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Psychol Sci. 2013 Apr;24(4):562-8. doi: 10.1177/0956797612457952. Epub 2013 Mar 15.

Common DNA markers can account for more than half of the genetic influence on cognitive abilities.

Author information

1
MRC Social, Genetic & Developmental Psychiatry Centre, Institute of Psychiatry, King's College London, UK. robert.plomin@kcl.ac.uk

Abstract

For nearly a century, twin and adoption studies have yielded substantial estimates of heritability for cognitive abilities, although it has proved difficult for genomewide-association studies to identify the genetic variants that account for this heritability (i.e., the missing-heritability problem). However, a new approach, genomewide complex-trait analysis (GCTA), forgoes the identification of individual variants to estimate the total heritability captured by common DNA markers on genotyping arrays. In the same sample of 3,154 pairs of 12-year-old twins, we directly compared twin-study heritability estimates for cognitive abilities (language, verbal, nonverbal, and general) with GCTA estimates captured by 1.7 million DNA markers. We found that DNA markers tagged by the array accounted for .66 of the estimated heritability, reaffirming that cognitive abilities are heritable. Larger sample sizes alone will be sufficient to identify many of the genetic variants that influence cognitive abilities.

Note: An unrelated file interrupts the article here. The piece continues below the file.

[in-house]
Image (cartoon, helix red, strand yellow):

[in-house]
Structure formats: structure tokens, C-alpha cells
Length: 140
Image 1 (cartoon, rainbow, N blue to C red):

PMID:
23501967
PMCID:
PMC3652710
DOI:
10.1177/0956797612457952
[Indexed for MEDLINE]
Free PMC Article

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